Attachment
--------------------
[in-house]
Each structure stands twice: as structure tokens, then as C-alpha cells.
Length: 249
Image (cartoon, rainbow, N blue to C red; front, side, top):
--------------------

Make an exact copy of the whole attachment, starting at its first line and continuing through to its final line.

[in-house]
Each structure stands twice: as structure tokens, then as C-alpha cells.
Length: 249
Image (cartoon, rainbow, N blue to C red; front, side, top):